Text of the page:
While Augmented Reality (AR) is gaining significant attention as one of the Industry 4.0 technologies that will revolutionize supply chain, we believe it is important to look beyond the hype and qualify the true potential and challenges of Augmented Reality in supply chain.
AR/VR solutions drive value primarily by its ability to impact human workforce experience, learning and performance.
Illustration across two use cases
For example, consider two often touted AR use cases. (1) AR powered goggles for guiding warehouse pickers. (2) Presenting visual build instructions to improve factory worker assembly Q&A and productivity.
Before jumping into piloting AR use-cases, consider the following critical questions:
Are there complementary technology requirements? Tiffany could deploy AR stations to improve jewelry assembly by presenting visual instructions. But, they may quickly find that machine learning vision is also needed to analyze the artisanal polishing and clasping activities in real time to drive true impact.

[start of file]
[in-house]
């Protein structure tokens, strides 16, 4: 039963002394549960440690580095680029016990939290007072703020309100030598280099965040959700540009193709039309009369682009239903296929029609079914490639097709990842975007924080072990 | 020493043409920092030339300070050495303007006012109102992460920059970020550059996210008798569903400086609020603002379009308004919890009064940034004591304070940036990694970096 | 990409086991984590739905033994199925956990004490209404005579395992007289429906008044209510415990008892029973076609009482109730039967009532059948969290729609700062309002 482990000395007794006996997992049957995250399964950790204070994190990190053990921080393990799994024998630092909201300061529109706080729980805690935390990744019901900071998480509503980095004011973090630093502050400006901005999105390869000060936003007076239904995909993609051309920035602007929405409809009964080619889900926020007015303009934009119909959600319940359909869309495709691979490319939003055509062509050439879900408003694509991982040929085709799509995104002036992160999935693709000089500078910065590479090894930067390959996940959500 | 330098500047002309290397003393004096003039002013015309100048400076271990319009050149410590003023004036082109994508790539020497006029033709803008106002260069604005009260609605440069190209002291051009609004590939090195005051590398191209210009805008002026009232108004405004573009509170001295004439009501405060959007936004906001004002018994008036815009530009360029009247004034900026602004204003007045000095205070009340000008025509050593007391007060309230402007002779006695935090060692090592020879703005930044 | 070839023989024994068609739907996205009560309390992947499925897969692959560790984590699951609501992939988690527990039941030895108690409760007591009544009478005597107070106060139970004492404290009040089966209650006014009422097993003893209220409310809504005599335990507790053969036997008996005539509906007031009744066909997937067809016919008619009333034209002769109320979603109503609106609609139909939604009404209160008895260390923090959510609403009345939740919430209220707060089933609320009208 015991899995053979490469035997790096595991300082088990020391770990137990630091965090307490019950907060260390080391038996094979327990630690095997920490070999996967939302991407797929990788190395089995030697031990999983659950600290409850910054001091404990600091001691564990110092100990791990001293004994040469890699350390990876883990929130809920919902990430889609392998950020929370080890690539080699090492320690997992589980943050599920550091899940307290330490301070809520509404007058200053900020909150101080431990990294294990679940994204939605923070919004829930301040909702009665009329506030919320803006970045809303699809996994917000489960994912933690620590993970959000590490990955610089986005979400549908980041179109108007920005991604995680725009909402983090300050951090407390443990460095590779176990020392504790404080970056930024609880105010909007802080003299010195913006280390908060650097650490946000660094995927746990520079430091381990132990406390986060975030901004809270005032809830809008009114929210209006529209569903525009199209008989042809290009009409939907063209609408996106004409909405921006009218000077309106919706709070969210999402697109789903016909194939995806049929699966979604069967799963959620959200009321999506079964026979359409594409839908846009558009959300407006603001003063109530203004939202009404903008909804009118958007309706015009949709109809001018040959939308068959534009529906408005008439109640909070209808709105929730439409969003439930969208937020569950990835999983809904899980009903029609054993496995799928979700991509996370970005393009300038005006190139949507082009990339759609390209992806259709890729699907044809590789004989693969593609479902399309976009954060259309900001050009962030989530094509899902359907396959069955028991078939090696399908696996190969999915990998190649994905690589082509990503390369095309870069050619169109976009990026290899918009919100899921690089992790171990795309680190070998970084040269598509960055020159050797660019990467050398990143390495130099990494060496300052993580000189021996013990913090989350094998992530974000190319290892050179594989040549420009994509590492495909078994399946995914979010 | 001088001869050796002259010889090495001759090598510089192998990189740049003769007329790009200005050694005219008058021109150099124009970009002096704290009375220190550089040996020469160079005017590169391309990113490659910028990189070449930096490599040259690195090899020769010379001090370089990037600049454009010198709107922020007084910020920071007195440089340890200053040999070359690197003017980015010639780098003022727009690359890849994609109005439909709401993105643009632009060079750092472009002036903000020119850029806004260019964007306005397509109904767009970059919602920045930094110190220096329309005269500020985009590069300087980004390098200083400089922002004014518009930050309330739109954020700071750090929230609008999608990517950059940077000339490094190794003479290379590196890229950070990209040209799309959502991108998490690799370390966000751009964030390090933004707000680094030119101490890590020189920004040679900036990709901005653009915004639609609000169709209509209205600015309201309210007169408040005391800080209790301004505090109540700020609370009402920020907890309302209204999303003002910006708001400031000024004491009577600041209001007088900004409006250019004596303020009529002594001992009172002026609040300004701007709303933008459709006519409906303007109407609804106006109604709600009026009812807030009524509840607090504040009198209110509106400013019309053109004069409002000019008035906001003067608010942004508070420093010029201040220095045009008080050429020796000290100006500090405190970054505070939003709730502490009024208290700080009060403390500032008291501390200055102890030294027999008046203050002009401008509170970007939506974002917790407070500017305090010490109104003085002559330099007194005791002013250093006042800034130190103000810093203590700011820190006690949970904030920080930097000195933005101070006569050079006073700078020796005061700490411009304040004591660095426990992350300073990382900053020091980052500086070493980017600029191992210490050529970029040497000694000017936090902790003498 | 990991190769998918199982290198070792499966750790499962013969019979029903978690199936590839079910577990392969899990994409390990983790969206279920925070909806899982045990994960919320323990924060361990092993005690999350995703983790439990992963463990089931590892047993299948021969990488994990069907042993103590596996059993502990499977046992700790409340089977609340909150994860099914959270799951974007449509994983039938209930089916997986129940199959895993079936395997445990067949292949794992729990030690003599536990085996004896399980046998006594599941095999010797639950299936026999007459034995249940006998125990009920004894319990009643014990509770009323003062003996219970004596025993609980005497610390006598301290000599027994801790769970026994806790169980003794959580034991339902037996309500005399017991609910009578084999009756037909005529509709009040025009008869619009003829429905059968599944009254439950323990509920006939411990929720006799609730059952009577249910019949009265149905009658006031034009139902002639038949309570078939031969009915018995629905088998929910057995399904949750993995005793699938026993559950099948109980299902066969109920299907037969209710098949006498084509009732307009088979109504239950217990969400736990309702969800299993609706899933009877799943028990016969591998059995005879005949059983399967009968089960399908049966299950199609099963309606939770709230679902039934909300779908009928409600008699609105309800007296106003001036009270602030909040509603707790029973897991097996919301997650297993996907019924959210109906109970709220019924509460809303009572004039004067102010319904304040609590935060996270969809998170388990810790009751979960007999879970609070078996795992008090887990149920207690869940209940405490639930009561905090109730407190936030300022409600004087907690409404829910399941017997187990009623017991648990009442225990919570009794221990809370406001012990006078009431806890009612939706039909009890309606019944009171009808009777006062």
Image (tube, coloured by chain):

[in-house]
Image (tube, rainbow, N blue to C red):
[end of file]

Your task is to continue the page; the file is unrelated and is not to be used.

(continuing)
Is AI-powered robot automation a better alternative? Amazon may find leveraging AI to make its Kiva robots replace human pickers to be a more effective return on investment than AR goggles for employees.
Is the cost of deployment worth the benefit? Foxconn could improve its iPhone defect rate, but is the payback worth it to invest in tens of thousands of AR stations across its factories?
When considering the above use cases across three sectors, we find attractive ROI for only a handful of scenarios.
AI/VR could play a powerful role in future supply chain. However, initial use cases will focus on high and complex labor content areas. These use cases often require complementary tech capabilities (AI, IoT) to be mature and in-place to truly unlock the promised value.
Originally appeared in SupplyChainDive Influencer Roundtable
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